Sunday, 24 January 2010

Rippled Shale

This is my new design, now available for download on Ravelry. I love the Old Shale pattern, and really wanted to make a top with it.

I have a large collection of old patterns and searched through them to get ideas, finding two patterns using the stitch, one from Canada in the 1950s and one from England in the 1980s. But neither of them did any shaping around the arms, instead just knitting two rectangles for front and back; presumably this is because of the difficulty of creating shaping in this 18 stitch pattern.

So the challenge was to create a shaped garment in this stitch. I had learned that a garter stitch edge works well on this type of pattern, as it shapes naturally so the bottom and the necklines were easy. After a bit of thought and experimentation I figured out how I could do the armhole shaping, though the armholes are rather more square than normal armholes. Then the only difficult bit was working out the stitch divisions for front and back for all sizes. I've retained an element of the cap sleeves of the older patterns as the "straps" of the top are quite wide due to the requirements of the pattern. On me the armholes just fall slightly off my shoulders, but maybe less so on someone with wider shoulders.

I enjoyed the challenge of this project, and managed to use up quite a bit of the vintage cotton yarn I bought a few weeks ago. So now I'm working on using up more of the yarn and am designing a summer bag (purse in American). I hope to get it done in a week or so, watch this space!

Wednesday, 13 January 2010

I started spinning my alpaca fleece (Sebastian) this week - here is the first bobbin. It took a little practice to get it right, partly because I had just been spinning a much coarser Balwen so had to adjust to this fine fibre. Beautiful though, isn't it?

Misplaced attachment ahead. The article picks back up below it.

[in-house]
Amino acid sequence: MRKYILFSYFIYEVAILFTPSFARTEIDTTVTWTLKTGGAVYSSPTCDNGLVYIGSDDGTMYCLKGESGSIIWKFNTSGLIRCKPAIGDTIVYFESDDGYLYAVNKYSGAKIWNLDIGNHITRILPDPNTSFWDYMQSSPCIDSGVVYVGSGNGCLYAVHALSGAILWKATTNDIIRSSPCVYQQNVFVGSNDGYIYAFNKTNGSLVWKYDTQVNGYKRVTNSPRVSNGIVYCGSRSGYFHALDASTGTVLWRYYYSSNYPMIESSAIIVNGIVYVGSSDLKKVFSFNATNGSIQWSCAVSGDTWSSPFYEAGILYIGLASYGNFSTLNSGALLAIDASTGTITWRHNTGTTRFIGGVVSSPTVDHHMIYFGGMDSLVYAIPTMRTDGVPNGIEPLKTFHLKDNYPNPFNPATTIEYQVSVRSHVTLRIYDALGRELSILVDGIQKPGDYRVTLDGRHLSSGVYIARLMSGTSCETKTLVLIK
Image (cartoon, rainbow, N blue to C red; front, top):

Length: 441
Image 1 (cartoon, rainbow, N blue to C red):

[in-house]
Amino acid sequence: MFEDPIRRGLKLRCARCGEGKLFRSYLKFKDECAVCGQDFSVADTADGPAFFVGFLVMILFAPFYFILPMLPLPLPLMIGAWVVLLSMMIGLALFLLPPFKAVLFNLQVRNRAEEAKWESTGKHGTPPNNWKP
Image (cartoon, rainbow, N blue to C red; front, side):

A few weeks ago I bought some vintage cotton which I found in an antique shop and had to think what to do with it. I've wanted to do summer knitting in cotton for a while, but struggle to find patterns I like, so decided to design one myself, here's a sneak preview. This is the second garment I've designed from scratch and, unlike the first one, looks like being a successful project. I learned a lot from my first efforts. So it will be a sleeveless, pretty thing in mercerised cotton and will be available for purchase on Ravelry once it's done. I've just managed the tricky decreasing for the armholes and will finish the back in the next few days, so it should be ready in a few weeks. The great thing is it looks complicated, but really isn't - my kind of knitting.

Friday, 8 January 2010

Simple Socks in DK Cotton

A free pattern from Lancashire Knitter

These comfy socks are a simple knit, with a double rib around the short ankle section.

Dimensions: ankle circumference 22 cm (8.5 inches), foot length 23cm (9 inches).

Yarn: 200m DK cotton - I used Elle True Blue which is a multi-stranded cotton.

Needles: 2.5mm dpn (or circular if using the magic loop method)

Gauge: 28 stitches x 35 rows measured over 10cm (4 inches) in stocking stitch after blocking. N.B. some cotton yarns have a small shrinkage - generally this means the work is a little wider before blocking. Please check your yarn carefully to ensure the finished article will be the right size.



Cast on 60 stitches, work 40 rounds in K2, P2 rib.

Work 1 knit row.

Divide for Heel:

Next row: K15, turn, slip first stitch purlwise, P29, turn, leave remaining 30 stitches on a spare needle.